Any audio book you can get by Agatha Christie is a treat. Likewise the audio versions of books by Elisabeth Peters and Ellis Peters. Elmore Leonard’s audios are even more entertaining than movies that have been made out of his books. Diana Gabaldon’s Voyager books are fun, and Elisabeth Kostova’s wonderful Dracula book, The Historian, is worth listening too over and over. Anything by Ray Bradbury is great, especially if he’s performing it himself.

By now you may have noticed a pattern in my preferences: thrillers, mystery, horror, sci-fi. But I listen to non-fiction too. Probably my favorite non-fiction author in audio is Sara Vowell. Assassination Vacation is as funny and entertaining as it is informative (very!).


The main problem with audio books has always been cost. Some of them are $50 or $60, sometimes more. Even the more moderately-priced audio books can run $25, and that’s too much for me. I look for inexpensive pre-owned copies, or remaindered (“sale”) stuff. But I suspect the audio book will decrease in price just as much as the hard copy will, once it becomes an electronic download. I would even be willing to get an ipod for audio books, something I’ve resisted doing for music so far.

I plan to record audio versions of my own books, probably starting in spring of 2010, and sell them as audio files online. I’m thinking $2.99 to $4.99 will be a fair price in this new millennium of depressed incomes. Ideally, I’ll be able to feature audio samples on my website, maybe even make commercials for you-tube. I suspect I’ll be a bit clunky at first, but this is the sort of thing you can only learn by doing. After all, Stephen King and Ray Bradbury are good at performing their own work – it’s not unheard of.

And in the meantime, I’ve got all these great books to listen to, setting the best example. Try them if you like audio. Check them out of your local library if you have to. Maybe, like me, you’ll become a fan too.


Saturday, November 14, 2009

Heiroglyphic Trail


Ernie and I went hiking up the Heiroglyphic Trail in the Superstitions yesterday (there are actually petroglyphs at the end of the trail). Rain had parked itself over those mountains (disdaining Phoenix and surrounding cities) so when we arrived we crossed paths with a number of happy wet people on their way down. The trail was beautiful, and the mist gave it a Shangri-La quality. We sat at the top, studying the petroglyphs, for at least half an hour (we may have experienced some time dilation). That place is sacred. I gazed up at the crumbling mountains and realized again how much I love the Southwest. I've made a pledge to Ernie -- from now on, we work as little as possible to make a living and as much as possible to visit these places we love.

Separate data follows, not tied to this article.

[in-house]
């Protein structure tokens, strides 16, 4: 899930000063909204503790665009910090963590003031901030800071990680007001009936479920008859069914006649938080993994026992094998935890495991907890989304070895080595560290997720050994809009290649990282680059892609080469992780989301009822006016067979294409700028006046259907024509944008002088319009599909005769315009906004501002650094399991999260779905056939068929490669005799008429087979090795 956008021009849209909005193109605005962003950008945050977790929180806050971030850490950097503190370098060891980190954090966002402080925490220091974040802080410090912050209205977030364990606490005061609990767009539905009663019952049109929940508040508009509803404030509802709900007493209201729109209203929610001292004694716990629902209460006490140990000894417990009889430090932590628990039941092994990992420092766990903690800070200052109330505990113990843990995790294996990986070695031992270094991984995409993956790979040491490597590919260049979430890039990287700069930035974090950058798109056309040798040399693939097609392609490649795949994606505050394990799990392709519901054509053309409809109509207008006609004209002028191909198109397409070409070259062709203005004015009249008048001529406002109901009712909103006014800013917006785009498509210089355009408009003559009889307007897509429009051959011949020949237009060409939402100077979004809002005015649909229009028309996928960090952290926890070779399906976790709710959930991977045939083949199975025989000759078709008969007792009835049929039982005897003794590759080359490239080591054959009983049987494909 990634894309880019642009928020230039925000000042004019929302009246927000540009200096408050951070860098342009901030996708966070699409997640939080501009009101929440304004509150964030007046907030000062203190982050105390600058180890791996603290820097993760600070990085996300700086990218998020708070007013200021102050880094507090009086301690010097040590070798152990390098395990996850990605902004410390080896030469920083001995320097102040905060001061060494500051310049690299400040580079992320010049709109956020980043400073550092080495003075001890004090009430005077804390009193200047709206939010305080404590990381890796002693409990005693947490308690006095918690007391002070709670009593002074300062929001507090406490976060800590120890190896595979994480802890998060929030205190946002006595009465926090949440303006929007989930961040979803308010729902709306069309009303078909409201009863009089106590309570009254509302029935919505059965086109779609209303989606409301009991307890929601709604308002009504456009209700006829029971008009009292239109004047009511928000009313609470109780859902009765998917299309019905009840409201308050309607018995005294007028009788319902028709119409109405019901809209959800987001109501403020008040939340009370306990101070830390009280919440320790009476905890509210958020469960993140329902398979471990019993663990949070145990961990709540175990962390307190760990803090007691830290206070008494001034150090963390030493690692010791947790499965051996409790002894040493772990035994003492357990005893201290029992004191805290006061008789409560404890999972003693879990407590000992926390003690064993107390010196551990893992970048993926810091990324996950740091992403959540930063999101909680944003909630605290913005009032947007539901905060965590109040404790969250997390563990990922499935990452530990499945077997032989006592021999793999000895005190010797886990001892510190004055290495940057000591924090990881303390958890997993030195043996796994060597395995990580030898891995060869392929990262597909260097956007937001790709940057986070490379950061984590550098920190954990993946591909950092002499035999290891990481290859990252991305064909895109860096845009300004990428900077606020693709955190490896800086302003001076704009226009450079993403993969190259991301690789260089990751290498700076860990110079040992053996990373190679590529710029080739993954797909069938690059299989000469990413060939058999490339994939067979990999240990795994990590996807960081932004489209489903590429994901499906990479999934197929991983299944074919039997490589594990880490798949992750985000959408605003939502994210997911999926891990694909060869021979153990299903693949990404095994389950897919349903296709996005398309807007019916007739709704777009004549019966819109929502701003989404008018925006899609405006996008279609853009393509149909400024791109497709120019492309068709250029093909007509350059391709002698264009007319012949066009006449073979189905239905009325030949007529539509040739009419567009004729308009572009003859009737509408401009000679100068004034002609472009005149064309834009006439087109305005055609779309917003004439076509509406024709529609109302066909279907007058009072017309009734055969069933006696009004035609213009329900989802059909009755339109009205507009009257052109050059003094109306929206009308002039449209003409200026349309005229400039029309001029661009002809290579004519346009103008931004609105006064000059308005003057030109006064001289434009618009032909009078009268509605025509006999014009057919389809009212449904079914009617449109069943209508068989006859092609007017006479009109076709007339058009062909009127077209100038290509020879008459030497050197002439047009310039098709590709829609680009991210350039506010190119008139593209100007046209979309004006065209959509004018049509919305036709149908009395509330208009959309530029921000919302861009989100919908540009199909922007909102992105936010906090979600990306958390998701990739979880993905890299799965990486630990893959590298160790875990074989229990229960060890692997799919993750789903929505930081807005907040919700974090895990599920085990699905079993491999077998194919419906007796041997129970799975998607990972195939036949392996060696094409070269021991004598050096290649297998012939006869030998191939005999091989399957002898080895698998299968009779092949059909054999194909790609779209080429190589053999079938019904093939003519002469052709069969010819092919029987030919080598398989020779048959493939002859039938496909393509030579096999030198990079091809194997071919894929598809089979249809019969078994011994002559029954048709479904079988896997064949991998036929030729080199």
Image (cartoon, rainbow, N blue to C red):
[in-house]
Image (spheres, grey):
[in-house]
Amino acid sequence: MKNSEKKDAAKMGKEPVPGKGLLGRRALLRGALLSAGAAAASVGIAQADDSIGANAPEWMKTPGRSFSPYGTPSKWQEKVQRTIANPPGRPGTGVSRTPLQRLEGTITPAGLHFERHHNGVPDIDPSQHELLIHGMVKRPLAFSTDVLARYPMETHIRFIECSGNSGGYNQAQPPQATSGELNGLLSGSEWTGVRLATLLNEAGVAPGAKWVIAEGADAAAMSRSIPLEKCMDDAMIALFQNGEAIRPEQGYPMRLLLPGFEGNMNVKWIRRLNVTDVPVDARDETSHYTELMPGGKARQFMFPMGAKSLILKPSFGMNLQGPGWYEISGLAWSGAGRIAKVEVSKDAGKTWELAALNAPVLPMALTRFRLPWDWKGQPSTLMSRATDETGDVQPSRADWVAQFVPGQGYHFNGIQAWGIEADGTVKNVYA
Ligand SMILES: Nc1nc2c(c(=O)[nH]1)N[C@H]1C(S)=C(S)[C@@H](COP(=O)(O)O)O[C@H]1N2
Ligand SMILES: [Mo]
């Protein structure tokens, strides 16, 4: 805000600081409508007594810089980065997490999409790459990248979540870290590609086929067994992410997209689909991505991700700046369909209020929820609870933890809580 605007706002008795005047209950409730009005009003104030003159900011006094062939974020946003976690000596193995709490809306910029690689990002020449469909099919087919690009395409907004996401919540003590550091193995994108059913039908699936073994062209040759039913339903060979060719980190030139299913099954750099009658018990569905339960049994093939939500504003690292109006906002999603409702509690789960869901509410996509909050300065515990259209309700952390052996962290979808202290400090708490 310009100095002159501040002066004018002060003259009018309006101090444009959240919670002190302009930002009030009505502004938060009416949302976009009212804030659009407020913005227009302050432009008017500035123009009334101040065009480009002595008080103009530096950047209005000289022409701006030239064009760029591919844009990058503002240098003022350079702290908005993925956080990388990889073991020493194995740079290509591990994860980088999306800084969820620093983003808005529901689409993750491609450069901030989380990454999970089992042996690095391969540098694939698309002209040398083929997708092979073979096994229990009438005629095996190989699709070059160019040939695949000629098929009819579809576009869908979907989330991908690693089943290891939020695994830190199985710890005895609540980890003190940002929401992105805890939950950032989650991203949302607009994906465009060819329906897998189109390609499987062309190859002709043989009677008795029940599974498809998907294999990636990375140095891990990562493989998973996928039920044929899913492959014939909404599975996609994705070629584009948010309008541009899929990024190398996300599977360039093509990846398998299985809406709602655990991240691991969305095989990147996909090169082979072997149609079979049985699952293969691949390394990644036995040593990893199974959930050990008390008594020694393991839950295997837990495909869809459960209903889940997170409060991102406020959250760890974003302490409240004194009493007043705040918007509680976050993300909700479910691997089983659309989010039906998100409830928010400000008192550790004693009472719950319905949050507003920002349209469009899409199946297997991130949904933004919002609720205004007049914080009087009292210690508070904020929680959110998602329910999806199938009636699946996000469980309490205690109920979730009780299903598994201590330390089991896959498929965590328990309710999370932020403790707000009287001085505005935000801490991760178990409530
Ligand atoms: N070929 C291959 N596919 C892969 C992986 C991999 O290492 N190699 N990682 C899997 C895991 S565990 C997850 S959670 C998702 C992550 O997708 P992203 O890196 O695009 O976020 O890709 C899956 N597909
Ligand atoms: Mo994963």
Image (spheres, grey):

My camera was on the fritz, so I'm using an old photo from Peralta Canyon Trail. But I'll be getting a new camera soon, and when that happens -- look out, blogspot!

Thursday, November 5, 2009

The Piestewa Peak Mystery


When you’ve hiked in a place several times, and you love that place, and maybe even have made up your own names for features you always see along the trail in that place, you can actually get the idea that you’ve really seen that place. Then you’ll notice something you didn’t see before, and you realize you’ve only seen bits and pieces.

Take Piestewa Peak. You can make some assumptions about that mountain and its close neighbors based on the rocks you see, many of which are metamorphic. They have been squeezed and fractured, melted and re-crystalized, weathered and then colonized by plant and animal life. At some point, tons and tons of weight rested on them, they are the remnants of a mountain range. It has slowly crumbled and created some of the “valley fill” that hides the grabens (“pull-apart” faults) and low spots in the Basin & Range areas of Arizona.

And you can tell the area was under water for many millions of years, prior to and after the mountain-building stages. Fossils all over Arizona testify to that fact, as does the presence of limestone and other sedimentary rocks.

If you look at the entire Western United States you can see the train-wreck mountain ranges that run from Alaska to Mexico, the result of the counter-clockwise, Northwest shifting of North America after it broke away from the last supercontinent and plowed into Island chains, making them part of the continent. During that shift, Arizona overrode some very hot spots in the mantle, and melted stuff was forced up into cracks in fractured rocks to give us copper, quartz, and lots of other interesting metals and gems.


Those hot spots also generated lots of volcanic activity, so you see all kinds of magma, both light and dark, in fractured “necks” that cooled below the ground and then were exposed by erosion, and in collapsed craters that exploded and hurled rocky projectiles hundred of miles around. You can see the remnants of pyroclastic flows made of ash and melted stuff that scooped up rock debris as it flowed at top speeds across the landscape. And you can see that flowing water, blowing winds, human construction, and even plants and animals have moved rocks and sand far from their place or origin.